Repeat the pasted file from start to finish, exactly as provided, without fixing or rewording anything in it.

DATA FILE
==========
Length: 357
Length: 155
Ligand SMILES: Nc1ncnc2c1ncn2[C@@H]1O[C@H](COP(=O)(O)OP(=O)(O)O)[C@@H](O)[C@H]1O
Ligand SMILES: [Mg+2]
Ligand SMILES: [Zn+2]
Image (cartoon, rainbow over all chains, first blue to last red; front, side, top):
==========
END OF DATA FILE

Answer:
Length: 357
Length: 155
Ligand SMILES: Nc1ncnc2c1ncn2[C@@H]1O[C@H](COP(=O)(O)OP(=O)(O)O)[C@@H](O)[C@H]1O
Ligand SMILES: [Mg+2]
Ligand SMILES: [Zn+2]
Image (cartoon, rainbow over all chains, first blue to last red; front, side, top):